Roasted Artichokes with Lemon Tarragon Vinaigrette

4 artichokes

2 lemons

1 bunch tarragon

2 Tablespoons chopped shallot

1 Tablespoon Dijon mustard

4 Tablespoons plus ½ cup olive oil

Preheat the oven to 350°.

Cut the stalks from the artichokes so they stand straight. Cut off about ½ inch from the top of each artichoke, then remove any tough outer leaves. Snip off the pointy tops of the other leaves.  Place the artichokes in a deep baking dish that fits them close together. Cut one lemon in half and rub it over the exposed cuts on the top and leaves of the artichokes. Squeeze the juice from the lemon into the baking dish, then tuck in a few sprigs of tarragon. Pour boiling water into the dish to come halfway up the sides of the artichokes, then cover tightly with foil. Roast the artichokes for one hour.  Uncover the dish, then drizzle the 4 Tablespoons of olive oil evenly over the artichokes and cook for another 15 minutes until a knife inserted in the bottom meets no resistance and the leaves pull off easily.

While the artichokes are roasting, mix the shallots, 2 Tablespoons lemon juice, 1 Tablespoon of chopped tarragon, and the mustard and generous pinches of salt and pepper in jar. Shake to combine, then add the ½ cup of olive oil and shake until combined.

When the artichokes are done, give the vinaigrette a good shake and drizzle over the tops. Serve any extra dressing on the side for dipping.

Cauliflower, Hazelnut and Brown Butter Soup

Cauliflower, Hazelnut and Browned Butter Soup

I like cauliflower, but I am not obsessed with putting it to all sorts of uses. I don’t pizza crust it or rice it or make bread with it. I like cauliflower for itself, not for how it can trick me into thinking I’m eating something else – something perceived to be better. Food shouldn’t involve fraud. Cauliflower is lovely all on its own. My favortie form of cauliflower is soup, when it is transformed to a silky, rich bowl of deep flavor.  And this soup. I mean, the first time I made this I actually called my mother to say I’d just made the best cauliflower soup. She agreed when she tasted it. This soup turns the snow white heads gloriously velvety, with rich, earthy nutty undertones from hazelnuts and browned butter. This may make you rethink your relationship with cauliflower.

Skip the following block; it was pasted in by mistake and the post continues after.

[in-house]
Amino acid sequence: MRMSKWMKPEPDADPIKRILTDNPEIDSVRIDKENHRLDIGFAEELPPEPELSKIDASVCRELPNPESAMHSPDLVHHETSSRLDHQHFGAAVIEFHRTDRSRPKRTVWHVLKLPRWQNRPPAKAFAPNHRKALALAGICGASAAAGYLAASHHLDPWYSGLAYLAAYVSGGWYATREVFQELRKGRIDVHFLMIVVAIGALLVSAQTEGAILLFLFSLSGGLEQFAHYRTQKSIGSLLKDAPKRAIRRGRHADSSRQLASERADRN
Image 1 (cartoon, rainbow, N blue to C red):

The drizzle of browned butter and the crunchy hazelnuts really make this soup, adding such a lovely, nutty note. I blend this soup smooth, then pass it through a sieve to give it a really silken texture, but you can skip that step if you like. You can use vegetable stock, just chose one that is light in color or the final color will be muddy,  And don’t be put off by preparing the hazelnuts – I always thought it sounded like a lot of trouble and skipped recipes because of it, but it is super simple and easy, I promise. And so worth the effort. Cooking some of the nuts in with the soup adds such a brilliant toasted flavor, but sprinkling some over the top gives a nice textural crunch. And everything is better with brown butter.

Cauliflower, Hazelnut and Brown Butter Soup

¾ cup whole hazelnuts

2 small heads of cauliflower

3 leeks, white and lightest green parts

½ cup (1 stick) unsalted butter

2 Tablespoons olive oil

¾ cup white wine

4 cups chicken stock

3 sprigs fresh marjoram

1 Tablespoon kosher salt

½ cup heavy cream

Put the nuts in a small dry skillet and heat over medium heat until they are warmed through, about 3 minutes. Turn them out onto a clean tea towel, the fold the towel over the nuts and gently roll them around to remove the skins. They don’t have to be completely denuded, just as much as possible. Pick out ½ cup of the most skin free and set aside. Put the rest in a small ziptop bag and give it a couple of bashes with a rolling pin to break them up. Save these for garnish.

Cut the woody stem and green leaves from the cauliflower and cut the heads into small pieces. Slice the leeks in half lengthwise, then into small half moons then rinse in a colander leaving just a little water clinging to them. Melt 2 Tablespoons of butter and the olive oil in a Dutch oven over medium high heat and add the leeks. Sauté for about 5 minutes, just until the leeks are wilted and glassy, then add the cauliflower pieces. Stir to coat with the butter and oil and cook until the cauliflower starts to brown just a touch. Pour in the white wine and scrape up any bits from the bottom of the pot. Cook for a few minutes to let the wine reduce, then pour in the stock. Add the ½ cup whole hazelnuts, salt and the marjoram springs and bring to a boil. Reduce the heat to medium low, cover the pot and cook for 30 minutes, until the cauliflower is very tender. Remove the marjoram stems (some leaves will be left behind).